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Jamaica's Map

Area: 10,991 sq. km. (4,244 sq. mi.).
Cities: Capital--Kingston metro area (pop. 628,000). Other cities--Montego Bay (96,600), Spanish Town (122,700).
Terrain: Mountainous, coastal plains.
Climate: Tropical.

Nationality: Noun and adjective--Jamaican(s).
Population (2000): 2.65 million.
Annual growth rate (2000): 0.6%.
Ethnic groups: African 90.9%, East Indian 1.3%, Chinese 0.2%, White 0.2%, mixed 7.3%, other 0.1%.
Religious affiliation: Anglican, Baptist and other Protestant, Roman Catholic, Rastafarian, Jewish.
Languages: English, Patois.
Education: Years compulsory--to age 14. Literacy (age 15 and over)--79.9%.
Health (2000): Infant mortality rate--24.5/1,000. Life expectancy--female 75 yrs., male 70 yrs.
Work force (2000, 1.1 million): Industry--17.8%; agriculture--21.4%; services--60.8%.

Type: Constitutional parliamentary democracy.
Independence: August 6, 1962.
Constitution: August 6, 1962.
Branches: Executive--Governor General (chief of state, representing British monarch), prime minister, cabinet. Legislative--bicameral Parliament (21 appointed senators, 60 elected representatives). Judicial--Court of Appeal and courts of original jurisdiction.
Subdivisions: 14 parishes, 60 electoral constituencies.
Political parties: People's National Party (PNP), Jamaica Labour Party (JLP), National Democratic Movement (NDM), United Peoples Party (UPP).
Suffrage: Universal at 18.

GDP (2002): $7.335 billion.
Real growth rate (2002): 1.0%.
Per capita GDP (2001): $2,771.
Natural resources: Bauxite, gypsum, limestone.
Agriculture: Products--sugar, bananas, coffee, citrus fruits, allspice.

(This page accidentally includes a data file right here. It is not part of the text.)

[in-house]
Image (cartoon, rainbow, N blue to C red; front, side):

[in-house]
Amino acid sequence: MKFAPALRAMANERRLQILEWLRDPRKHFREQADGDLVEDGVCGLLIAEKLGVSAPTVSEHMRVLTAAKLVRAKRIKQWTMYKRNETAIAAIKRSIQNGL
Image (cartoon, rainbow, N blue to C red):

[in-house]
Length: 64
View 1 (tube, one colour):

Industry: Types--tourism, bauxite and alumina, garment assembly, processed foods, sugar, rum, cement, metal, chemical products.
Trade (2002): Exports--$1.14 billion: alumina, bauxite, sugar, bananas, garments, citrus fruits and products, rum, coffee. Major markets (2000 data)--U.S. 39.1%, U.K. 11.2%, Canada 10.2%, Netherlands 22.0%, Norway 9.1%, CARICOM 3.7%, Japan 2.3%. Imports (2000)--$3.191 billion: machinery, transportation and electrical equipment, food, fuels, fertilizer. Major suppliers (2000)--U.S. 44.8%, Trinidad and Tobago 10.0%, Japan 6.0%, U.K. 3.1%, Canada 3.1%, Mexico 4.8%, Venezuela 3.9%.

Arawaks from South America had settled in Jamaica prior to Christopher Columbus' first arrival at the island in 1494. During Spain's occupation of the island, starting in 1510, the Arawaks were exterminated by disease, slavery, and war. Spain brought the first African slaves to Jamaica in 1517. In 1655, British forces seized the island, and in 1670, Great Britain gained formal possession.

Sugar made Jamaica one of the most valuable possessions in the world for more than 150 years. The British Parliament abolished slavery as of August 1, 1834. After a long period of direct British colonial rule, Jamaica gained a degree of local political control in the late 1930s, and held its first election under full universal adult suffrage in 1944. Jamaica joined nine other U.K. territories in the West Indies Federation in 1958 but withdrew after Jamaican voters rejected membership in 1961. Jamaica gained independence in 1962, remaining a member of the Commonwealth.

Historically, Jamaican emigration has been heavy. Since the United Kingdom restricted emigration in 1967, the major flow has been to the United States and Canada. About 20,000 Jamaicans emigrate to the United States each year; another 200,000 visit annually. New York, Miami, Chicago, and Hartford are among the U.S. cities with a significant Jamaican population. Remittances from the expatriate communities in the United States, United Kingdom, and Canada, estimated at up to $800 million per year, make increasingly significant contributions to Jamaica's economy.